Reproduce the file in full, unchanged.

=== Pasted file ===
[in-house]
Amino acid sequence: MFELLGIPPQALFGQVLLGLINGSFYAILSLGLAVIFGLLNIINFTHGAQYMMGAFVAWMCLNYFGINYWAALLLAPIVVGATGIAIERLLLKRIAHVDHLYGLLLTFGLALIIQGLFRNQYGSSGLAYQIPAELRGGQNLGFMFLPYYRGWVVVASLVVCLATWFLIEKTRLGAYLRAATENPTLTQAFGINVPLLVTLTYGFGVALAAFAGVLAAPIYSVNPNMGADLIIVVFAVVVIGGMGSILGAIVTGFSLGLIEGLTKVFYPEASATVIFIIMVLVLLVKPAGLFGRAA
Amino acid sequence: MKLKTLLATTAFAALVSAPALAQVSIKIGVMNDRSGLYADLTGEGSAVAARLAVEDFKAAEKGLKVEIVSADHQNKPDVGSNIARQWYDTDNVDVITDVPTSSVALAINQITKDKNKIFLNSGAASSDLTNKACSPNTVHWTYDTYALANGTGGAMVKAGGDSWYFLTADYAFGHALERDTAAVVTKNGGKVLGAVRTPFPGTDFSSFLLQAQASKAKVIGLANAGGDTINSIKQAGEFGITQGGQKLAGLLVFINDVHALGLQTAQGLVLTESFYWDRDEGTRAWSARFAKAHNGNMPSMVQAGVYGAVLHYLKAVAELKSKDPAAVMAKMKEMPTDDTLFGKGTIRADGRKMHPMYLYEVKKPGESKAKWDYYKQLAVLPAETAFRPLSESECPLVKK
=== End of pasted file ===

[in-house]
Amino acid sequence: MFELLGIPPQALFGQVLLGLINGSFYAILSLGLAVIFGLLNIINFTHGAQYMMGAFVAWMCLNYFGINYWAALLLAPIVVGATGIAIERLLLKRIAHVDHLYGLLLTFGLALIIQGLFRNQYGSSGLAYQIPAELRGGQNLGFMFLPYYRGWVVVASLVVCLATWFLIEKTRLGAYLRAATENPTLTQAFGINVPLLVTLTYGFGVALAAFAGVLAAPIYSVNPNMGADLIIVVFAVVVIGGMGSILGAIVTGFSLGLIEGLTKVFYPEASATVIFIIMVLVLLVKPAGLFGRAA
Amino acid sequence: MKLKTLLATTAFAALVSAPALAQVSIKIGVMNDRSGLYADLTGEGSAVAARLAVEDFKAAEKGLKVEIVSADHQNKPDVGSNIARQWYDTDNVDVITDVPTSSVALAINQITKDKNKIFLNSGAASSDLTNKACSPNTVHWTYDTYALANGTGGAMVKAGGDSWYFLTADYAFGHALERDTAAVVTKNGGKVLGAVRTPFPGTDFSSFLLQAQASKAKVIGLANAGGDTINSIKQAGEFGITQGGQKLAGLLVFINDVHALGLQTAQGLVLTESFYWDRDEGTRAWSARFAKAHNGNMPSMVQAGVYGAVLHYLKAVAELKSKDPAAVMAKMKEMPTDDTLFGKGTIRADGRKMHPMYLYEVKKPGESKAKWDYYKQLAVLPAETAFRPLSESECPLVKK